Once you know the structure, you can understand how a genetic mutation in the gene for haemoglobin causes sickle cell disease, or why carbon monoxide is lethal.

Haemoglobin model by Max Perutz. Image credit: Science Museum Group collection

Dame Mary and Sir John also discussed how the technique of X-ray diffraction has in part been overtaken by an extension of electron microscopy, called cryo-EM, which is now reaching atomic resolution, though Sir John believes there will still be heavy demand for conventional X-ray diffraction from pharmaceutical companies.

Cryo-EM was pioneered by Richard Henderson at the MRC’s Laboratory of Molecular Biology, LMB, in Cambridge, an institution that has garnered many Nobel prizes for uncovering the chemical structures of life, including one for Henderson himself.

In their discussion, Dame Mary and Sir John ranged from Dorothy Hodgkin’s inspirational story and the creative culture of the LMB to his unease about the effects of Brexit on international collaborations, such as work on synchrotrons, intense sources of X-rays, and at the Institut Laue-Langevin, a research reactor in Grenoble that is used as a powerful source of neutrons.

They also touched on Sir John’s extraordinary career which had unpromising beginnings near Llanelli, South Wales, where his father and brother were miners.

The options at that time were ‘to become a preacher, teacher or work underground,’ Sir John recalled.  His brother was 12 years his senior, and he reflected that if their births had been reversed, ‘I would have ended up a coal miner and he a professor. He was a very intelligent man, as was my father.’

Sir John’s interest in science was kindled as a teenager by his physics teacher at Gwendraeth Grammar School. ‘She was astonishingly good, talking about the great scientists such as Newton and Rutherford and at length about Michael Faraday. I was enthralled when I heard her describe how this man who had left school at the age of 13 with little knowledge, other than arithmetic, became a bookbinder’s assistant and then ended up being one of the greatest scientists of all time. I was in awe of Faraday from that moment onward.’

Diorama showing Faraday making induction ring experiment in his laboratory. Image credit: Science Museum Group collection

Later in life, Sir John would become the Fullerian Professor of Chemistry at the Royal Institution, London and then the Director, positions held by his hero. Sir John lived in the same living quarters that Faraday and his wife once occupied in the Royal Institution’s building on Albemarle Street.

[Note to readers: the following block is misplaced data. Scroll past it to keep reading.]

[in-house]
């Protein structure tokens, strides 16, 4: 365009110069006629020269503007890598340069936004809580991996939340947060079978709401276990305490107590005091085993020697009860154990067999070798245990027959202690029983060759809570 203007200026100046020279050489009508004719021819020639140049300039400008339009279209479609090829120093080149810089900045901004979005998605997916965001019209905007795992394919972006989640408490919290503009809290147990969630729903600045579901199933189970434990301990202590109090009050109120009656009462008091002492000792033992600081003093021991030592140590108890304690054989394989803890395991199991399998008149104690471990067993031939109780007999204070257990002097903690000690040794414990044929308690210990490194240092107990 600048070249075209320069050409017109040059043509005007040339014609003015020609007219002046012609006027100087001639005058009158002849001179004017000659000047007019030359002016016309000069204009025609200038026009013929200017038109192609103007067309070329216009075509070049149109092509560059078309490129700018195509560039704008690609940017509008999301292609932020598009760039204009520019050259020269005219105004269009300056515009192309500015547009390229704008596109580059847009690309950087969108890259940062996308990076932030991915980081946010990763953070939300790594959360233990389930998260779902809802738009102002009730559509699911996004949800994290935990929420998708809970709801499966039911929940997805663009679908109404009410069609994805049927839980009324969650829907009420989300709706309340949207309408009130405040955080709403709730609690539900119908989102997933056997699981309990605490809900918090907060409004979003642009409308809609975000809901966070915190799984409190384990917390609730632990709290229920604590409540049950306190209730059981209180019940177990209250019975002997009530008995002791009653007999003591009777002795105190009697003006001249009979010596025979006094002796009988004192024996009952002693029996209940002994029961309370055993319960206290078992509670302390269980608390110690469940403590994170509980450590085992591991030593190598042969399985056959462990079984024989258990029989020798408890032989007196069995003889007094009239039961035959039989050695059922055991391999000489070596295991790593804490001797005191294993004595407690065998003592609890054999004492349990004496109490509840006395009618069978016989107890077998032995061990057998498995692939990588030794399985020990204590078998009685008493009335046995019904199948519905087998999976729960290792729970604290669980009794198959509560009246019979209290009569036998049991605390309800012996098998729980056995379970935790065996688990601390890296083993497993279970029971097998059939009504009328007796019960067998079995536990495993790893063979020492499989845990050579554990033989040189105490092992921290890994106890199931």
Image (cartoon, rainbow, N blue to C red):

During his inaugural lecture, sitting before him was Irene James, the brilliant and well-read schoolmistress who had first fired up his interest in science. ‘It was a great moment.’

Sir John earned his BSc in 1954 and doctorate a few years later from the University of Wales, Swansea, doing ‘quite well.’

After spending a year working at the United Kingdom Atomic Energy Authority as scientific officer, where he ‘rubbed shoulders with metallurgists who spoke a language I did not understand’, when it came to defects, dislocations and imperfections, and that inspired him to take an interest in their consequences for chemistry rather than the strength of materials.

He joined the Department of Chemistry at the University of Wales, Bangor where he rose through the ranks from Assistant Lecturer to Reader, and did research to reveal the profound influence that structural imperfections such as dislocations have on the chemical properties of solids.

While there he pioneered the use of electron microscopy – what he describes as his ‘single best’ decision in his scientific research. ‘I realise that if I wanted to study the chemistry of defects and imperfections in solids, and catalytic and reactivity, I needed an electron microscope.’

Siemens Elmiskop 1 electron microscope, the first electron microscope used in the Department of Human Anatomy at Oxford, c. 1950. Image credit: Science Museum Group Collection

In 1959, Sir John married Margaret Edwards with whom he later had two daughters, Lisa and Naomi.